COMMENTARY

Can Experiencing Bigotry and Racism Lead to PTSD?

Robert T. London, MD

Disclosures

September 15, 2020

I have been studying, writing about, and treating posttraumatic stress disorder for many years. Over this time, I have seen PTSD expand to more and more areas of life, including my own view of a "subthreshold" version, which occurs in vulnerable people who experience a job loss, divorce, financial setbacks, or any number of painful life events.

As I noted in my recent book, "Find Freedom Fast," for some people, PTSD can be triggered in the wake of events that are not life-threatening yet catastrophic for them and not tied to manmade or natural disasters, torture, assault, or war zone experiences.

The expansion of PTSD has led to the disorder being recognized in ICU patients during and after recovery (Crit Care Med. 2015 May;43[5]:1121-9), as well as in people diagnosed with cancer (Lancet Psychiatry. 2017 Apr;4[4]:330-8) and other illnesses that may cause emotional trauma – where one feels that one's life is threatened. In some instances, the person's life might indeed be in danger, not unlike what can happen in disasters, wars, torture, and even in some encounters with law enforcement.

This leads me to yet another circumstance that in some, may be tied to PTSD – and that is racial, religious, ethnic, and gender-related bigotry. In these cases, individuals feel threatened just for who they are in a society. Being on the receiving end of a circumstance that threatens a person's very existence would seem to me to place a person as a potential survivor of PTSD, as well as any number of disorders, including anxiety, depression, or even paranoia.

Yes, discrimination and prejudice have been with us for a long time, and what concerns me is the psychological effect it has on children as well as adults. Friends of Irish descent remind me of hearing stories from parents and grandparents about employment signs reading, "Irish need not apply." Certainly, those of Italian ancestry will easily recall the prejudice focused against them. And members of the Jewish community also can easily remember the bigotry and exclusion they have been subject to in certain neighborhoods and organizations, in addition to the horrors of the Holocaust during World War II, and the anti-Semitic chants in Charlottesville, Va., from just 3 years ago – with gun-carrying militants doing the chanting.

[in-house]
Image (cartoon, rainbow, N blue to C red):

Obviously, in certain circles, we still have private clubs, plus neighborhoods and residential buildings that exclude people for a variety of reasons.

Coming from a medical family, years ago I heard stories that, if you were Roman Catholic, it would be hard to get into certain medical schools – which might explain the establishment of Catholic medical schools that often were open to people of other faiths. Then we had medical school discrimination toward Jewish students, which was followed by the establishment of medical schools focused on admitting more Jewish students. The African American community also responded to discrimination by establishing medical schools, such as the school at Howard University in Washington.

Furthermore, we cannot forget the discrimination that women faced in institutions of higher learning. My father had two women in his medical school class, I was told. In my era, I would say at least 30% were women, and today, in the United States, medical school classes are more equally balanced with men and women. Some schools have more women than men.

The question I ask, is: How did all those women feel for so many years knowing that, for reasons beyond their control, they were prevented from achieving their chosen goals? Some might have felt badly, and others might have internalized the rejection. Others might have developed PTSD based on feelings of rejection.